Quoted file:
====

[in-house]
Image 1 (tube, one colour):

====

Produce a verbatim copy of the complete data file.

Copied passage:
[in-house]
Image 1 (tube, one colour):